Prepared by Lydia Stefanova and David F. Zierden.
Florida Climate Center
The Florida State University
Average temperatures in July were above normal across the state. The departures from average temperatures in July 2016 were above normal across the entire state, ranging from +0.6˚F in Miami and Key West to +3.0˚F in Tallahassee (Table 1 and Appendix 1). Across the state this was one of the top five warmest July months on record. It was the top warmest July on record for Daytona Beach, Fort Lauderdale, Melbourne, Orlando, Tampa and West Palm Beach. Multiple warm maximum and minimum temperature records were tied or broken (Appendix 2).
Table 1: July average temperatures and departures from normal (˚F) for selected cities.
Rainfall totals in July were below normal for most of the state. Most of the state had below normal rainfall (Figure 1). Major reporting stations registered departures from normal ranging from -4.87’’ in Melbourne to +0.76” in Tallahassee (Table 2 and Appendix 1), although localized parts of the state saw rainfall totals that were more than 5” below normal to 5” above normal (Figure 1). This was one of the top five driest July months on record for most of the state’s Atlantic coast from Jacksonville to West Palm beach. No 24-hour precipitation records were broken for the month.
Table 2: July precipitation totals and departures from normal (inches) for select cities.
Figure 1: A graphical depiction of the monthly rainfall departure from normal (inches) for July (courtesy of NOAA, NWS).
Neutral ENSO Conditions are Present in the Pacific.
Based on current data and forecast models, the Climate Prediction Center (CPC) ENSO Alert System is at a La Niña Watch. ENSO neutral conditions are present, with sea surface temperature (SST) near or below average across most of the east-central and eastern equatorial Pacific Ocean. Development of La Nina is favored during August-October 2016, with a 55-60% chance of La Nina during the fall and winter of 2016/2017. CPC predicts high likelihood of above normal temperatures across the state for August 2016 through October 2016.
Hazardous Weather Events in July.
AThere were a total of 234 hazardous weather events reports submitted in Florida for the month of July (see Table 4 for a breakdown by event type). Numerous strong wind gusts associated with seasonal severe thunderstorms were reported throughout the state. Some thunderstorms produced up to half-inch sized hail. Reports of wind damage from severe thunderstorms were widespread from Tampa to Jacksonville, mainly entailing downed trees and powerlines. There were several instances of lightning strikes causing fires (Volusia, Santa Rosa, Palm Beach, St Johns, Pinellas Counties) or injuries (Alachua and Pinellas Counties), including a fatality in Lee County on July 25th. One person was hospitalized after nearly drowning in a rip current off the coast of St. Lucie County on July 23.
Table 4: Breakdown of storm reports submitted in Florida during the month of July (Compiled from Southeast Regional Climate Center.)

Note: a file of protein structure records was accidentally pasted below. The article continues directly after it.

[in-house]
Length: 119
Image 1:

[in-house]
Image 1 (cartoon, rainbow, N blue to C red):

According to the USDA at the beginning of July, topsoil moisture levels were at mainly (60%) adequate, though some (15%) surplus values and short (19%) values were reported across the state. Not much change in these levels was seen as of the latest report for the week ending on July 24. Early in the month there were reports of some flooding in low-lying pastures in the southwestern portion of the state. As the month progressed, warm temperatures and small amounts of rainfall have left many pastures across the state somewhat dry and in need of moisture. Overall, pasture and cattle conditions across the state are mostly good, although some stress to livestock due to high temperatures has been reported in some areas. The citrus-producing area started the month drought-free with abnormally dry conditions creeping in towards the end of the month. Temperatures have been above average on most days, and rainfall has been below average for the season but canals and ditches are still at acceptable levels. Most citrus growers have been irrigating several times a week. Fruit and vegetable growers have increased irrigation because of hot and dry weather. Some hail damage to vegetable farms was reported in Okaloosa County early in the month. Dry conditions have helped hay harvesting in Bradford, Dixie, Flagler, Putnam, Taylor and Walton counties. Corn and tobacco harvests are also underway. Sugarcane fields are reporting low moisture levels. Sugarcane in Palm Beach County is sufficiently irrigated with water from Lake Okeechobee.
At the beginning of July, according to the US Drought Monitor, Florida was entirely drought free. Mid-month, abnormally dry (D0) conditions crept in the northeastern portion of the state (Madison, Hamilton, Suwannee, Columbia, Baker Counties). As rain deficits accumulated, drought conditions towards the end of the month extended south along the Atlantic Coast into Nassau, Duval, St Johns, Flagler, Volusia, Seminole, Orange, Osceola, Brevard, Indian River, and St Lucie Counties. As of July 26th, approximately 88% of the state is drought-free, and the remaining approximately 12% is experiencing abnormally dry conditions. Water levels in lake Okeechobee remain above average for the season, at 14.63 feet.
Appendix 1: Additional July departures from normal data for Florida locations.
Appendix 2: Select daily maximum and minimum temperature records (° F) broken during July (compiled from NOAA, NWS).